Digital Experience Platform
crownpeak flag Posted by J.J. Gorsuch January 09, 2018

What is a DXP and Will It Replace Traditional WCMs?

Industry insiders tend to come up with new terms to describe trends in their fields and later they become jargon that is only understood by a limited audience. In the financial sector, you’ll hear “efficient frontier”, “imputed interest”, and “law of large numbers” among a myriad of other terms. “Admitted assets”, “IRIS”, and “Stop Loss” are prevalent in the insurance sector. And in marketing and advertising, “above the fold”, “retargeting”, and “conversion pixel” are great examples of industry lingo.

Well, the marketing technology and commercial applications worlds are no different! So, what is DXP, or a Digital Experience Platform?

A bit of history

(feel free to skip to the next session for those bored by the history): The term CMS (Content Management System) first appeared a few decades ago to describe software that was designed to help manage content through the variety of states and versions that most website publishing workflows require. Fairly quickly, it became evident that not all content formats were created equal and that specialized CMS’s were required to accommodate different types of scenarios.

Most notably, there was a bit of schism between “Enterprise Content Management” (ECM) which tended to focus on scenarios within an enterprise (like managing the lifecycle of content), and “Web Content Management” systems (WCMs), which primarily focused on scenarios associated with the broader universe of users outside of an enterprise. To be sure, there are many, many more types of content management platforms in the world and there are plenty of areas of overlap and comparison between ECM vs WCM, but those are the principle categorization terms that took root in this industry.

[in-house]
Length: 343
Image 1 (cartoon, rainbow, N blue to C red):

So, what is DXP?

In 2014, Forrester noted a convergence of a variety of different types of technologies, systems, and functions used by companies “in the pursuit of unified, contextual digital experiences”. They noted these platforms tended to be built on either eCommerce systems or WCM systems, ECM vs WCM. Functions like Digital Asset Management (DAM), Personalization, Testing & Targeting, Portals, Consumer Analytics, and Site Search (and others) were increasingly being integrated or built as sub-systems or features, rather than as stand-alone off-the-shelf products. So, they coined the term “Digital Experience Platform” (DXP) to account for the entirety of a solution that had been integrated in a piecemeal way.

Meanwhile (and even as early as 2012), Gartner began describing a similar concept in the “emerging Customer Engagement Hub”. Their view differs to some extent from Forrester’s in that they contend the CX Hub or CE Hub is not a purchasable platform but more of a reference architecture. This reference architecture could include everything required for acquiring, activating, servicing, retaining, and reselling customers across the entirety of their journey, from prospect to customer to former-customer. The implication is that you cannot (or at least should not) buy all the technologies for building your customer experience technology stack from one vendor.